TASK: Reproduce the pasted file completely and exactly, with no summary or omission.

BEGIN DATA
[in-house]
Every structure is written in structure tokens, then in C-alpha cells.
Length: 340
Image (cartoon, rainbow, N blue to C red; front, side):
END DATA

[in-house]
Every structure is written in structure tokens, then in C-alpha cells.
Length: 340
Image (cartoon, rainbow, N blue to C red; front, side):